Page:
Let me start out by reminding you that it’s Våffeldagen all day today. By now, you know my fondness for holidays. Any excuse for a holiday is fine for me. As you can likely figure out, Våffeldagen is not one of those ancient Roman holidays. Not even close. Våffeldagen is a spring commemoration in Sweden.
Half of my heritage is Swedish, so all things nordic appeal to me. Dad’s side of the family is made up of Johannsens and Andersons. There were at least a few Swedish customs celebrated by part of my family. One of them being Våffeldagen. One thing I like about the day is the name, Våffeldagen. The other thing I like even better is the food item that is the star of the day. Waffles. Yes, Våffeldagen translates into English as the waffle day.
I remember Våffeldag as a kid. The waffles were consumed as a supper dish. Mom prepared side dishes and toppings then mixed up a large bowl of batter. It was dad’s job to bake the waffles. The waffle iron was brought to the table, plugged in and allowed to heat. The family eagerly sat down to watch the baking of the waffles, in progress. The best behaved of us kids that day received the first waffle. Then, because the waffle iron was a fast baker, the rest of the family was soon served. The entire house smelled delicious with fresh baked waffles.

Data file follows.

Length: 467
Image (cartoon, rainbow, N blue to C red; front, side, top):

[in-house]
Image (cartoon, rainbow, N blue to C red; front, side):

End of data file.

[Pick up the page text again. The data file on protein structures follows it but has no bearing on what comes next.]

Toppings varied from butter and real maple syrup, to nut butters, to berries. Once, we were treated to lingonberries sent to us by Swedish family members from that country. It was wonderful to sample such a traditional delicacy on such a traditional Swedish holiday.
My paternal grandmother told us the origins of Våffeldagen. The name comes from the similarity of the word “Vårfrudagen” (translated as “Our Lady’s Day”, the Christian holiday of Annunciation) Vårfrudagen sounds very much like Våffeldagen. But waffle day has absolutely no religious nor cultural connection to “Our Lady’s Day” for our family.
Find your favorite waffle recipe, or mix, drag out the waffle iron and have at it. I just hope you don’t have to resort to frozen toaster waffles. If you’re like me, cashew butter is the topping of choice, but you can use almond butter or peanut butter, too. There’s nothing wrong with dairy butter and syrup for the traditionalists. Do try whipped cream and blueberries for a desert waffle. If you feel indulgent, lingonberries are especially nice, but expensive. Enjoy!